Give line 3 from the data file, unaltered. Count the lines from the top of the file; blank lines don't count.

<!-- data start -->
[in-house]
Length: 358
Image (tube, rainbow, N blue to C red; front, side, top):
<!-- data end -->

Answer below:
Image (tube, rainbow, N blue to C red; front, side, top):